Awesome. So that’s good to know.

You probably need to be educating me is really the truth of it.


Yeah. There’s so many things out there now, and so many tools are available for churches that maybe aren’t specifically marketed to them, like Slack or something like that, that churches can use and really get a lot of advantage from. Jenni, thanks for being on the show. We’ve really learned a lot from you. But I want you to leave us with just one tip, one thing for ExPs to listen to and to remember as they go about their day to day.

I would say this. I would say, leaders, lead yourself well so that you can lead others better. But at the end of the day, be intentional and be disciplined about what you need to do to continue to grow, to keep yourself humble and to lead yourself well for the long haul because when you’re well, then your teams are gonna be better as well. So just lead yourself well to lead others better. Everything else kind of falls on the line.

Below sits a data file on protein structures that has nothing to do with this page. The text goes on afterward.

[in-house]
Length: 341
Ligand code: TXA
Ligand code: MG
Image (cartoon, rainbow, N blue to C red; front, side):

Fantastic. Well, thanks so much for taking the time to be on the show. We really learned a lot. Your website is Jennicatron.com, right?

Yes. Perfect. Jennicatron.com. And then the organization that I do my consulting work with is, get4sight.com. So either one of those places is a great way to stay connected.


Okay. We will include both those links on our show notes that go out, but thanks a lot for being on. We enjoyed it.

Awesome. Thanks so much, Neil.